He was in an incredibly vulnerable state. If you’re undocumented in Athens, you’re not only at risk of exploitation, but the police could pick you up at any minute and either put you in detention indefinitely or even illegally send you back to Turkey. 

Peter was looking for support. He spoke to a lawyer who wanted €300 up front. He later found out a friend had given this money and never heard from the lawyer again.

This wasn’t the first time he hadn’t been happy with the legal support he’d received. He felt the first lawyer he worked with “was not serious about my case” while another never met him.

“That’s how I found my good lawyer”

He was back in touch with one of the organisations that he knew from Lesvos, who put him in touch with RLS. This is when he started working with Artemis.

“When you meet a good lawyer and explain things, you feel the difference.” Artemis asked a lot of questions and worked out what he would need. She then worked with other professionals to gather the evidence. 

Protection and hope 

Peter’s case is particularly challenging. When your asylum application has been rejected twice, that’s usually your last chance.

Artemis had to work extra hard to get Peter back into the system. She worked with a psychologist to show why he didn’t submit his criminal file from home and worked with an LGBTQ organisation to show his active participation in the local community. 

She was successful and he’s now got his asylum card.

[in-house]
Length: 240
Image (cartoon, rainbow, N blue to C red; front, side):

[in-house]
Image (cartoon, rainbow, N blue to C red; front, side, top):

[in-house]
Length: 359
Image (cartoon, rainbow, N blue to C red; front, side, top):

“When I got my card, I was so happy. I didn’t need to be afraid of police, I have happiness, hope, free movement, protection.” 

Peter can now work and is in the process of finding a job. 

This isn't the end of the journey 

Peter still needs to go through the asylum process. But he has a good case and his asylum card gives him some security and a means to fend for himself. And now he has our team helping him. 

Peter’s experiences would crush most of us, but he found the strength to keep going. ”I made my mind up that I could never go back. I needed to be in a country where there are human rights.”

“Where there is life, there is hope. I really believe this.” 

What’s next

We’ll now continue to work on his case and accompany him to an asylum interview in the new year.

However, we don’t currently have the funding to keep our full team in place. To keep helping people like Peter, we need to meet our fundraising target.

If you can help, please donate to our page.

Thank you

Update 1

Refugee Legal Support (RLS)

Oct. 10, 2023

Qaed and his family's struggle to be reunited

Statelessness and oppression